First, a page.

Sat | Jan 23, 2021

Fidelis Harvests implements measures to combat praedial larceny

Published:Friday | September 21, 2018 | 12:00 AM
Jaymeon (right) and Matthew Jones, operators of Fidelis Harvests.
Some of the peppers that are planted on the Fidelis Harvest farm.

Having lost approximately J$150,000 in equipment and an undisclosed value of their crops to praedial larceny, the operators of Fidelis Harvests, Jaymeon and Matthew Jones, made a calculated move to raise funds via crowdfunding to put security measures in place and prevent future losses.

The two farmers signed up their project on the ISupport website, a crowd-funding platform that is an initiative of The Jamaica National Group. Five months later, their campaign was 100 per cent funded.

"We were self-funded. We did not have a third partner with cash. We wanted to address the issue of praedial larceny quicklyto reduce our loss in equipment and crop. We simply wanted to protect our investment, but we did not have the funds," said Jaymeon Jones.

"We explored several funding options," Jones related. "However, we were not successful. Then, we decided to explore the option to acquire capital via crowdfunding."

Jaymeon, was familiar with the ISupportJamaica platform; and knew how it worked. Hence, he and his brother Matthew opted to register the project on the website.

"I wanted to leverage the name, given that it was a Jamaican crowdfunding platform, and I thought that it would play to our advantage when approaching locals or other persons in Jamaica about the campaign," Jaymeon explained.




The friends-turned-partners soon realised that they had to do their part in promoting the campaign for it to work. Matthew explained that it entailed asking for support from family and friends and using social media, as well as one-to-one campaigning.

"The approach reaped some successes, with some pledges. However, the major part of the funds came from an initiative, when we sent a bag of peppers attached to a helium balloon with a letter explaining the campaign to some of our high-end clients," Matthew related.

"We received a few bites, including a private investor," he informed. "We did receive a lot of the pledges. However, one private investor loved the idea and wanted to take the relationship further by investing in our company," he said.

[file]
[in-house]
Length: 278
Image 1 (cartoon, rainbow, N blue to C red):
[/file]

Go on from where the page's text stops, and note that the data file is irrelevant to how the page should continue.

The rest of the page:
Jaymeon said that the investor's commitment enabled the campaign to reach its goal of US$6,000.

"You have to be creative if you want your campaign to be successful. For me, although one-to-one campaigning is more successful and the follow-up is crucial, you need to be willing to stay the course," he advised.

The funds earned from the campaign will be used to build a structure for overnight workers; install lights, cameras, and an alarm system; and purchase two security dogs.

Phillip Lindsay, operations officer, ISupportJamaica, at the JN Group said that crowdfunding is beneficial as it is a fast way to gain exposure for projects or business ventures and raise financial support.

"The primary objective of ISupportJamaica is to provide financial support to MSMEs (medium, small ans micro enterprises) and not-for-profit projects and programmes," Lindsay explained.

He further added, "Using ISupportJamaica for crowd-funding locally brings a ton of benefits to our users because ISupportJamaica is powered by the JN Group, a strong brand locally and in the Jamaican diaspora. Its fees are minimal, and there are multiple ways to donate. The risk is low, and you can obtain marketing and project assistance."

Lindsay also explained that contributing to any initiative via the platform is simple and secure. Interested persons can donate by visiting the ISupportJamaica platform at www.isupport, click on the project; and then click the 'Fund Project' button.

In addition, donations can be made via credit card, JN Live e-banking, visiting any JN Branch or MoneyShop, and interbank transfers.

Fidelis Harvests, an agro-based start-up situated in Toll Gate, Clarendon, was developed by Matthew and Jaymeon in 2016. The farm's sole focus at present is growing and selling Scotch bonnet peppers. They currently employ two persons from the community to carry out the day-to-day operations in the field, with additional persons hired on an as-needed basis.